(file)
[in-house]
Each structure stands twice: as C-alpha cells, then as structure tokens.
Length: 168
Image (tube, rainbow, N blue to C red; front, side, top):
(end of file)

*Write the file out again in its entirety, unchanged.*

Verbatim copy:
[in-house]
Each structure stands twice: as C-alpha cells, then as structure tokens.
Length: 168
Image (tube, rainbow, N blue to C red; front, side, top):